After 5 years of program intervention, significant improvements were achieved in various biometric measures. Specifically, reductions in low-density lipoprotein (LDL) and non-HDL cholesterol, as well as systolic and diastolic blood pressure, were demonstrated. A significant increase in HDL was observed. Cholesterol changes in the participants’ biometric measures are summarized in Table 2.
Several lifestyle medicine–related cardiovascular risk factors were also significantly improved. The participants’ exercise time increased, as did their fruit and vegetable consumption. Furthermore, stress levels were measured on a scale of 1 to 5, with 1 indicating low stress (ie, feeling calm and in control), 3 indicating moderate stress, and 5 indicating high stress (ie, feeling frantic and out of control), and the participants’ scores decreased significantly. Changes in participant lifestyle behavior are summarized in Table 2.
The program participants reported a significantly better general health rating after 5 years of participation, using a simple rating scale (1 = excellent, 2 = very good, 3 = good, 4 = fair, 5 = poor). Similarly, participants reported statistically significant changes in the average number of unhealthy days they experienced in 1 month. The changes in participant-reported HRQoL are summarized in Table 3.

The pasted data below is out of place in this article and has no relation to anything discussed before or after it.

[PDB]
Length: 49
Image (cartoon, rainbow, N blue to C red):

The healthcare cost ROI for the 5-year cohort was 3.85:1 across the 5-year period. When looking at the ROI for productivity, the ratio was 1.36:1 for absenteeism, 4.43:1 for presenteeism, and 5.79:1 for total productivity (ie, absenteeism plus presenteeism). When healthcare and productivity savings were combined, the ROI was $9.64:$1, meaning that over the 5 years of program participation, this cohort eliminated health risks that led to a savings of $9.64 for every $1 invested in their health through the program. The Figure depicts the results from the 5-year ROI analysis.
The participants in the risk-reduction program displayed various improvements in health, well-being, and work productivity after 5 years. Improvements in HRQoL, exercise, and fruit and vegetable intake, as well as in financial ROI, were demonstrated after 1 year of program participation and were durable after 5 years of follow-up.
Statistically significant improvements in LDL cholesterol, HDL and non-HDL cholesterol, as well as systolic and diastolic blood pressure, were demonstrated at the 5-year follow-up, but not after 1 year. This may suggest that the benefits of sustained lifestyle modification (ie, increased physical activity, improved nutrition) may require more than 1 year to manifest.